>> Intel supposedly has the same capabilities, but it's scarier. Buying
>> a 4-way capable system with one cpu and adding more cpus later doesn't
>> always work. (Never, in my experience.)
>Is it really scarier? How so? We're having the same arguments right now
>as we struggle to choose to pay more for UltraSPARC when with the same
>money we could purchase more x86. Using the $5k example, you could
>purchase an Ultra10 class SPARC or $6k for an UltraAXi class server w/ 1GB
>RAM and a few SCSI disks whereas with the same money, you could buy two
>2xPIII-450 servers with the same RAM and disk and do physical/logical
>clustering or just have a hot spare.
>In this example, why would you still go SPARC?
What I meant is that I can take a SPARC box, say an E3000, buy it with
only two CPUs, and upgrade it to 6 CPUs if I needed it later. I wouldn't
feel comfortable buying an Intel 4-way box with only 2 CPUs and buying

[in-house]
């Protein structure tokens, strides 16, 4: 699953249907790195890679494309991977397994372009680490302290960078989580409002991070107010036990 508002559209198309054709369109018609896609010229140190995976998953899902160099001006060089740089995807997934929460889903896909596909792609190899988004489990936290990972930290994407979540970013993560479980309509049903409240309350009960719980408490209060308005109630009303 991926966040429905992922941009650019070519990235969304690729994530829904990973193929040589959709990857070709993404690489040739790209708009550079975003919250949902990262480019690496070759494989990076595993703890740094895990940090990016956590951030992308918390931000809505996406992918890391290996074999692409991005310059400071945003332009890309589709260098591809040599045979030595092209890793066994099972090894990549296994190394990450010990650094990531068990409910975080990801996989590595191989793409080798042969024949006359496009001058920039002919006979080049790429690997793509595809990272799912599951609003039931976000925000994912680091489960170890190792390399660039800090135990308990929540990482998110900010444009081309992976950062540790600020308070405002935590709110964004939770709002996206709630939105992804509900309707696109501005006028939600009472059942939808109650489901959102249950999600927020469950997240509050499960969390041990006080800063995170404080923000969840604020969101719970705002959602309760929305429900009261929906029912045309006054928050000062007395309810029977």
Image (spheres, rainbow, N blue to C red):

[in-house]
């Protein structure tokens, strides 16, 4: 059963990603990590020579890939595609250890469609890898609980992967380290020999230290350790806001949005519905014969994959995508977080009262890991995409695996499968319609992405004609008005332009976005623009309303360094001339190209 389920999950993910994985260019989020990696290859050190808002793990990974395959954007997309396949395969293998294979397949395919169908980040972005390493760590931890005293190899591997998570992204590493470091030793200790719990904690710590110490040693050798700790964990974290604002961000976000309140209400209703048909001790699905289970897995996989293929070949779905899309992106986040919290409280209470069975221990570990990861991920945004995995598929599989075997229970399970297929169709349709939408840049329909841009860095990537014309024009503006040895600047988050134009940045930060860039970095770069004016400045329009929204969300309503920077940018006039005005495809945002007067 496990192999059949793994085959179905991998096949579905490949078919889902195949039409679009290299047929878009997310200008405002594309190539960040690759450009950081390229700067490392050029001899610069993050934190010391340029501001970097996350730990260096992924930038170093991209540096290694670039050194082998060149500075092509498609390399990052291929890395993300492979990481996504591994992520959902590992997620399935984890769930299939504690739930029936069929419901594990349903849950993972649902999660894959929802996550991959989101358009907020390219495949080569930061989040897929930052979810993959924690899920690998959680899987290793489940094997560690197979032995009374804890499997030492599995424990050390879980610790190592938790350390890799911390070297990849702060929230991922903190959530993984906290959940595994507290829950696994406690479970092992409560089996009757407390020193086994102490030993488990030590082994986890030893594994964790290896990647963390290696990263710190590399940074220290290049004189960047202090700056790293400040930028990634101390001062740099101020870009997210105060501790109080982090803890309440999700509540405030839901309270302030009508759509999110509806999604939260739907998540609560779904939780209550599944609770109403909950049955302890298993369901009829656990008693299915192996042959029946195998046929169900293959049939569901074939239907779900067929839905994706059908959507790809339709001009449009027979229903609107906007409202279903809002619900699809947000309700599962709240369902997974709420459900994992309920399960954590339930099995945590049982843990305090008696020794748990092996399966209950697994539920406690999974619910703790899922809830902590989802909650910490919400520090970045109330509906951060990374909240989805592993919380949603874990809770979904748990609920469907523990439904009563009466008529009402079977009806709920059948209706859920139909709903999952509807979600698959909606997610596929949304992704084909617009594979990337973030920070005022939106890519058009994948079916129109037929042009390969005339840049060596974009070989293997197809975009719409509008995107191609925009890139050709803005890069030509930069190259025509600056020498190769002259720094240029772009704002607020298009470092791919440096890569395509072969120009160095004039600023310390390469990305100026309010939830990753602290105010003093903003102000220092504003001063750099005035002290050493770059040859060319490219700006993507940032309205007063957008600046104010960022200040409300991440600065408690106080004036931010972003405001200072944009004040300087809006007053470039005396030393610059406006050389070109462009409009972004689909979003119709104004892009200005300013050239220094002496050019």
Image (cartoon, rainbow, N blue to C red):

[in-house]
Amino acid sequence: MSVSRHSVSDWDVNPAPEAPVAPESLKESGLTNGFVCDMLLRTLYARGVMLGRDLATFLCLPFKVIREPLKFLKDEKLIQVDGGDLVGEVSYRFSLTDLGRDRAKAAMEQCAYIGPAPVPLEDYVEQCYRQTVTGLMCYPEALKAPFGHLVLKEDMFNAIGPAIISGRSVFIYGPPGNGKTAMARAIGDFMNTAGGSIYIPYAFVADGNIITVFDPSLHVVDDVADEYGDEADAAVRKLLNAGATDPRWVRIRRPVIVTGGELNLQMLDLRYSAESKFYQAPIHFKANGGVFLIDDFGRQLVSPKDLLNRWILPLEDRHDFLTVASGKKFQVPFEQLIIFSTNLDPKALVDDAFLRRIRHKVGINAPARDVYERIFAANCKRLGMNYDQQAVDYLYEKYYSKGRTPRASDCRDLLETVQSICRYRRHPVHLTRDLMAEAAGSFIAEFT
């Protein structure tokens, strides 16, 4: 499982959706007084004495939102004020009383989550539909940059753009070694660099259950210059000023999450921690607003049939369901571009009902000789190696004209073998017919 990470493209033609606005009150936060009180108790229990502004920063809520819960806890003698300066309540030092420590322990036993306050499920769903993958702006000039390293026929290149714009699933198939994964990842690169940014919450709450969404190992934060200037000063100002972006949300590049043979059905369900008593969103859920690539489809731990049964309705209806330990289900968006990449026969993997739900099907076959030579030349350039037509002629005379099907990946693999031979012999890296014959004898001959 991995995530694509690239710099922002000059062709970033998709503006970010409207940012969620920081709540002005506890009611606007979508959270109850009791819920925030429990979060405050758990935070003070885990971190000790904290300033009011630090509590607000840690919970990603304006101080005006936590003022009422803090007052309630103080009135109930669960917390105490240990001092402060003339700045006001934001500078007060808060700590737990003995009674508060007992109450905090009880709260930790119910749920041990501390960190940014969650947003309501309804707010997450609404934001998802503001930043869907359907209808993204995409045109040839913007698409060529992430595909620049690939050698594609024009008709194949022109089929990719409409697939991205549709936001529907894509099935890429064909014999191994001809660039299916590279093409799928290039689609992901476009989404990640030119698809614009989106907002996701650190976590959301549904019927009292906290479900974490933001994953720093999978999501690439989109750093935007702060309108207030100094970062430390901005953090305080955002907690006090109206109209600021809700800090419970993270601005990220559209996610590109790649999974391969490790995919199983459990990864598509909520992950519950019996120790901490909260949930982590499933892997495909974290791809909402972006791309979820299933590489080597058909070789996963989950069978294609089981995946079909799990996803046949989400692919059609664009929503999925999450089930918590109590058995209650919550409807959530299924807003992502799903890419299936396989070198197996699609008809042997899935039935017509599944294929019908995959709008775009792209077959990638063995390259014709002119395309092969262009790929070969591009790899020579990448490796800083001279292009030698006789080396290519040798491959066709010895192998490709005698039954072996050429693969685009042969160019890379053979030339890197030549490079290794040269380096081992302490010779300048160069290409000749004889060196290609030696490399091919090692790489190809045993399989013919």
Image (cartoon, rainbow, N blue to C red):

two more CPUs later when I found I needed the horsepower. That almost
never works -- the n-way Intel boxes seem to want to have all n of the
CPUs from the same production batch.
I'm big on Intel (okay, actually big on AMD), so I WOULD buy the two
2xK7 systems you mention, if the situation warranted it. If I thought I
was going to be pushing the load up past about 4 on the boxes*, I'd go
with a SPARC, 'cause I can easily upgrade to 16 (or 64!) processors
out of one box. Yes, I have worked on systems that really did need
that kind of horsepower for the database alone (although they were
all running Oracle, so who knows how much of that was eaten up by
To restate: I would buy the 2 Intel/AMD/Cyrix boxes for most projects.
However, if I needed a system that had a much higher ceiling when it
came to scalability, SPARC systems still win, hands down.
* I try to keep the sustained load at less than 2x(number of cpus).